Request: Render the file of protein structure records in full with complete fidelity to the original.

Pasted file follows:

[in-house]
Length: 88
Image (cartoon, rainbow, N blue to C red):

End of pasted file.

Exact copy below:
[in-house]
Length: 88
Image (cartoon, rainbow, N blue to C red):